A.G. Schneiderman Announces $30,000 Settlement With Group That Allowed Members' Health Insurance To Lapse
Gerald Burgin To Pay $30,000 To Cover Medical Expenses For Those Whose Policies Lapsed, Remainder To Be Returned To Members For Reimbursement Of Premiums Paid
Schneiderman: Those That Fail To Provide The Services They Charge For Will Be Held Accountable
BUFFALO – Attorney General Eric T. Schneiderman today announced a settlement with Gerald Burgin and the Arts and Culturals Collaborative, LLC, a group created to give members of the local arts community access to affordable group health insurance. This settlement will protect members of the group whose health coverage Burgin had allowed to lapse.
“Gerald Burgin was entrusted to ensure that members of this group received the affordable health insurance they were promised, and he dropped the ball,” Attorney General Schneiderman said. “This settlement brings relief to the individuals who faced personal liability for medical bills as a result of their lapse in coverage, and sends the message that my office will hold those that fail to provide the services they promise – and charge for – accountable.”
Burgin created the Collaborative as a means of allowing members of the Western New York arts and cultural community to obtain affordable group health insurance. Members would pay the Collaborative for the health insurance premium and an administrative fee. Burgin, in turn, collected the payments and paid the group health insurance premium.
Despite repeated notices from the health insurance carrier that failure to pay the premiums would result in the cancelation of coverage, Burgin failed to pay the premiums for November and December 2013 and January 2014. The carrier continued to cover the members for the month of November but coverage lapsed on December 1, 2013. Neither Burgin nor the Collaborative notified the members that the Collaborative had fallen behind in its payments of the group insurance premiums or that their coverage was in danger of lapsing. By the time they learned of the lapsed coverage, some of the subscribers had incurred medical expenses for which they were personally responsible.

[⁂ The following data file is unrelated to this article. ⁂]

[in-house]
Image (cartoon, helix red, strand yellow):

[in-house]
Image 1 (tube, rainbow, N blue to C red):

Attorney General Schneiderman’s investigation revealed that Burgin used the administrative fees for his own expenses. Burgin overspent the administrative fees thus eating into the funds required to pay for the premiums. As a result, the Collaborative slowly became insolvent, leading to its catastrophic failure at the end of 2013.
The agreement requires that Burgin pay $30,000 which will be used first to pay for the medical expenses of members that were not reimbursed as a result of the lapsed policy. The remainder will be returned to members as a pro-rata reimbursement of the health insurance premiums they paid. Burgin is forever barred from accepting advance payments from consumers for any service or product.
Because Burgin never paid the premium payments to the health plan, the plan terminated coverage for the thirty members. The Health Care Bureau helped to reinstate all thirty members with the health insurance carrier to ensure that all members would continue to have health coverage.
This case was handled by Assistant Attorney General James Morrissey and Karen Davis, Senior Consumer Fraud Representative in the Buffalo Regional Office, which is led by Michael Russo, Assistant Attorney General in Charge. The Buffalo Regional Office is a part of the Division of Regional Offices, led by Marty Mack, Executive Deputy Attorney General for Regional Offices.The Health Care Bureau’s Peter Panych, Helpline Advocate, worked to reinstate the members to their health plan.